I remember going to kindergarten. It was, up until then, the most terrifying time of my life. For the first few weeks I came home each day with a little note safety pinned to my shirt, Katie only cried for 25 minutes today. :). I recall feeling scared and lonely. At quiet time, I was the only one who ran to their cubby. My tattered and well-loved blankie was there, still damp from morning's tears. I'd grab my comfort and security and retreat to a dark corner of the room, grateful to be away from noise and this new mysterious pace. In my tiny spot on the floor I would fall asleep; a small hollow of solitude like the inside of a pearly shell. I always had to be woken up and, as the year rolled on, was voted the best (and only) class napper.
My sister and brother were also at the school, down hallways that felt miles long to my small feet and wild imagination. Knowing they were near was comforting, a little bit. Something about that first year of school rattled me to the core. I will always remember how small I felt in the cafeteria. I will always remember how expansive the stage felt. Forever, I will remember the smell of school purchased chocolate milk and the feel of the cardboard carton turning to sweaty pulp in my shaky hands.
And yet I fell in love with my teacher, Mrs. Welch. I made two very special friends, Amy and Chad. The playground and fields became a new retreat I quite liked, but not as much as the beach, which was my very favorite place on Earth. By the end of the year I had gained something life changing - independence and my own space, a real gift for the youngest of four. And I no longer tried to hide behind verdant elephant ears as big as me along the outdoor hallways. Instead, I started to draw them. In purple.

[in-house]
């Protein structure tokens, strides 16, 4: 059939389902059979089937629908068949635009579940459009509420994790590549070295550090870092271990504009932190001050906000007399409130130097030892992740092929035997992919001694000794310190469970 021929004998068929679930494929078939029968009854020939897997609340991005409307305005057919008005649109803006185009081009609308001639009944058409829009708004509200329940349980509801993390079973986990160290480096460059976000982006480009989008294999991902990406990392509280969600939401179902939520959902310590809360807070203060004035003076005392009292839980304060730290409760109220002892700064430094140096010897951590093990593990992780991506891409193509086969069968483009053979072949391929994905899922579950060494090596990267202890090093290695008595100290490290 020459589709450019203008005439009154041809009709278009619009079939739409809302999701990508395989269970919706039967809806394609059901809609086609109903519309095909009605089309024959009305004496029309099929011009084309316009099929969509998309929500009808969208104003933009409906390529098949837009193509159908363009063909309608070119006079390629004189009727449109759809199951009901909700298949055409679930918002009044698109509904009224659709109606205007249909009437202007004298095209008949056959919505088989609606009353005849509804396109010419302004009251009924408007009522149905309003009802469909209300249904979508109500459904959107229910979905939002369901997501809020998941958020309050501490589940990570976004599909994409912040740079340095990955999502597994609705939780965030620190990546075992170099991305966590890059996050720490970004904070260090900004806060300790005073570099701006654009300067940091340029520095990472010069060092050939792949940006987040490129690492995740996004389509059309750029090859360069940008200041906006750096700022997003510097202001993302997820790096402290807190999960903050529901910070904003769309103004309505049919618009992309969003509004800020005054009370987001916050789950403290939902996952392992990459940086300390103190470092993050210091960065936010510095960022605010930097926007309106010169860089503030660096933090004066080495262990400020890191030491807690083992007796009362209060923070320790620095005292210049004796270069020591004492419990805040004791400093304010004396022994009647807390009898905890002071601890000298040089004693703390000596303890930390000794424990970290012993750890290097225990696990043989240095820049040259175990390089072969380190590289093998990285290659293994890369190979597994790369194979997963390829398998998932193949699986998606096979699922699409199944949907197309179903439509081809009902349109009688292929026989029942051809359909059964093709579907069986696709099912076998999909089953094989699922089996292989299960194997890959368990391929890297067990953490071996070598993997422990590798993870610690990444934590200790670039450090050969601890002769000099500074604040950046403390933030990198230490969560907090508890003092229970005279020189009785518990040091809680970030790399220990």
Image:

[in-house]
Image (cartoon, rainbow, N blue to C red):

Theo is having a very hard time adjusting to kindergarten. Yesterday he came home with two notes for me. They were not pinned to him (I'm guessing that method of communication doesn't fly anymore), they were in his backpack. One was words dictated to his teacher and written on the back of a family photo I sent to school with him. He talked about feeling sad and was looking forward to when I would get there to pick him up. The other was simply a drawing. He drew himself on one side of the paper and me on the other side. In between was one long line connecting our bodies. When I asked him to tell me about the drawing he said, "That's me and you, and this line is my arm reaching so far away for you."
I quickly turned around and looked out the window. In the moment I did the only thing that felt right. I prayed.